Asian Art Museum

Laurie Wagner

I was at work at the Asian Art Museum in Golden Gate Park. As a 3rd generation Californian, my first reaction to earthquakes isn’t panic. But I realized instantly this was a big one. I remember thinking a) that the floor was actually rolling toward me like a wave and b) I could die then and there.

As abruptly as it had started, it stopped, and my instincts screamed to get out of the building. We tried to go down the back stairs; a guard came up shouting hysterically that we couldn’t go down because a light fixture had fallen. We were more worried about the heavy stone lintel hanging over the other exit, but couldn’t convince him that was a greater danger so dashed under it. On the ground floor there was only one exit we could use (security of the collection comes first) and it was under the tower that had been identified as the building’s Achilles heel, most likely to come down in a big earthquake. A guard stuck his head out looking up at it, then turned back to us and said “Run!

We did and suddenly being outside was anticlimactic, everything was still. Charles offered to drive me to the bus terminal. We drove slowly through a chastened city. Stoplights weren’t working but people were very politely taking turns. He dropped me off at the East Bay terminal where the bus driver was explaining, “The top level of the Bay Bridge collapsed.” People kept repeating over and over “Yes, but when will we go?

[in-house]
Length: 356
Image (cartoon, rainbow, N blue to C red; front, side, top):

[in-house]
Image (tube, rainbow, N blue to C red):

Realizing that with a broken bridge there wouldn’t be any ‘going’ anytime soon, I went to find Charles, stopping at a small convenience store for water in case I didn’t find him. It was dark and the cash register wasn’t working. As I left the store Charles was coming down the street and suggested we go to where we could listen to the radio. He had a friend who owned the last Blacksmith shop in San Francisco where they had a generator. When we entered the shop his friend handed me a rum and coke and introduced me to the guys. They had a Friday tradition of partying and supplies.

We spent the evening in chairs on the street listening to a radio hooked up to a truck battery, somberly watching the billowing black smoke from the Marina. Seeing the fireboats on the Bay coming to the rescue was reassuring; they weren’t dependent on shaky ground. There were very few incidents of crime that night, but the radio reported groups roaming with baseball bats. Later in the evening one of those groups walked past our quietly drinking group. One of our guys started to get nervous and vocal, Charles said quietly, “Remember the women and children.” The guy calmed down; the group passed uneventfully, looking as lost as we all felt.

Around eleven Charles and I went back to his place where his East Coast family and friends started calling to be sure he was ok. That was the first of many nights I felt anxious about being inside during aftershocks; there were a lot of them in the weeks to come.